This pergola is called the ‘box’ pergola because it is built with rows of solid blockings/nogs between the rafters forming rows of square or oblong boxes. This type of pergola is becoming increasingly popular and is relatively easy to build.
|150×50 (2×6) treated lumber rafters, blockings/nogs and decorative ends||30 metres (100 ft)|
|200×50 (2×8) treated lumber beam||3.6 metres (12 ft)|
|100×100 (4×4) treated lumber||7.2 metres (24 ft)|
|1kg (2.5 lb) gal 90mm (3 1/2″) nails; 20 galvanized nail plates; 8 12mmx120mm (1/2″x 5″) galvanized coach/carriage bolts, 2 bags concrete mix|
About the lumber
All the lumber used in this project is treated dressed/surfaced pine. The posts are treated for in ground applications. and the rest of the structure is treated for outside use. All the lumber that is used in this project is readily available at most lumber merchants.
The lumber sizes referred to in this project are the nominal sizes. The nominal size of a piece of lumber is the size of the lumber before it is dressed or seasoned and is the size generally referred to when purchasing from the lumber yard. The actual size, or dressed size of the lumber will be less than the nominal size so please make necessary allowances. For example, a piece of 100×50 (2×4) lumber when dressed may be 90×45 (1 1/2″x 3 1/2″) actual size.
The plan view (birds eye view looking down), the front view plan and the side view plan.
The Posts, beams and rafters.
The bottoms of the posts are bolted to the deck joists or the deck boundary joist and also concreted into the ground. The ledger plate (also called stringer) is bolted to the house wall above the door, The top of the posts are checked out to accommodate the beam and the rafters are nailed in place between the ledger and the beam.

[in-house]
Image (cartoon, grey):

A square hole (post size) is cut in the decking. The posts are placed through the hole in the decking and into a hole dug in the ground. The bottoms of the posts are bolted to the deck joists or the deck boundary joist and also concreted into the ground. (See drawing below).
The roof structure
The ledger plate (also called stringer) is bolted to the house wall above the door with 12mm (1/2″) galvanized screws every 900mm (36″) apart. There is (in most cases) a lintel (beam) above all doors, thus ensuring solid fixing. The height of the ledger plate determines the overall roof structure height.
The required heights of the top of the posts are obtained by levelling across from the top of the ledger plate .
The top of the posts are rebated/checked out to accommodate the pergola beam. Refer to image below.
The beam is bolted in place. see the plans for dimensions
The rafters are nailed in place between the ledger and the beam. See the plans for dimensions
The Nogs and Decorative Rafter Ends.
The rows of solid nogs or blockings are placed and nailed between the rafters. See the plans for dimensions
The decorative ends:
The decorative ends are a continuation of the rafters and the rows of solid nogs/blockings. They are secured in place with 2 90mm (3 1/2″) galvanized nails skewed, toe nailed through the lower part of the decorative ends and with nail plates fixed on the top edge. (see drawing)
The rows of solid blocking/nogs are placed and nailed between the rafters and the decorative ends are fixed in place.
Securing the top together.
The pergola roof structure is locked together by fixing galvanized nail plates on the top edges of the rafters, blockings/nogs and decorative ends.
All done. Eazy with a Z !